Saturday, September 26, 2009

We're home

Alice and I flew in last night on the first flight that left Honduras since Monday. Any other airline and we'd still be sitting in a hotel in Teg. Thanks Continental airlines for getting me home.

We can be contacted through our parents, or email (

I plan on wrapping this blog up in some way, so this isn't the last entry you will ever see, but I wanted everyone to know that were home safely.



Tuesday, September 1, 2009

English class project completed, memories made

(Some of my III Ciclo comun kids)

About 8 months ago, Drew and I were asked to teach English classes in a nearby pueblo called San Juancito. We had worked at the high school before doing project citizen, and I had always wanted to see if I could teach ESL and saw it as an opportunity to learn, teach the kids about my culture, and have as a major project my last few months.
(The teachers that gave me free rides to class, about a 3o minute drive from my town)
Drew went to DC for knee surgery and I started the classes. Ok, so I had five classes, my biggest class had 52 kids and my smallest about 18. I had some books to use as guides but made my own curriculum, quizzes, homework assignments and tests. At first it was overwhelming but it kept me busy while Drew was gone. When he came back, he helped me make tests, create a system to record the grades, and even came to a few classes. With each month it got easier, though there was one day I walked out of my class of 52 kids and told them I may not come back. I gave them another shot, they calmed down, they are 12-13 but good kids, think 6th grade in the states….. (a few of my 53 kiddos in I Ciclo comun)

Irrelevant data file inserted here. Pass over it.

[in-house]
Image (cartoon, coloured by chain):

This last two months was hard due to the “coup” or golpe de estado, or change of government or whatever you want to call it. We missed about half the classes. So, I just finished up with three of the five classes, all ciclo comun or middle school grades. I wrapped it up with colors, numbers and clothing, fun yet functional things to know. The second to last week we did a cultural day where they had to present on several cultural themes of Honduras, and I did a presentation for them about Oklahoma (and used some of those great postcards people had sent me for my collection!). It was tons of fun and a learning experience for both me and the students.